Only the last clause specifies violence; the definition mainly concentrates on "dangerous" acts that "appear intended to intimidate or coerce." Most demonstrations are intended to intimidate and coerce government. Why say "dangerous" rather than "violent"? Because everyone knows what "violent" means, but this law lets government define "dangerous." The vague word "appear" means government needn't prove substance, merely appearance.

But even the PATRIOT Act says they need some kind of warrant (albeit secret) and some kind of trial (also secret). Obama's NDAA dispenses with those formalities. No warrant, no trial, indefinite detention. Obama's law.

"He will forever be known as the president who signed indefinite detention without charge or trial into law," said ACLU Executive Director Anthony Romero in a press statement on New Year's Eve. "Any hope that the Obama administration would roll back the constitutional excesses of George Bush in the war on terror was extinguished today."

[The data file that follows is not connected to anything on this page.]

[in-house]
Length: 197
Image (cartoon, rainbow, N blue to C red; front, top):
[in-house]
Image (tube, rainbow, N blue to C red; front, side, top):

"Glenn Greenwald ... notes that section 1022 exempts U.S. citizens from the requirement of military detention but still leaves the option open to the state," reported. In a Salon editorial, Greenwald wrote, "The proof that this bill does not expressly exempt U.S. citizens or those captured on U.S. soil is that amendments offered by Sen. Feinstein providing expressly for those exemptions were rejected."

In his signing statement, Obama wrote: "The fact that I support this bill as a whole does not mean I agree with everything in it. In particular, I have signed this bill despite having serious reservations with certain provisions that regulate detention, interrogation, and prosecution of suspected terrorists. ... Moreover, I want to clarify that my Administration will not authorize the indefinite military detention without trial of American citizens."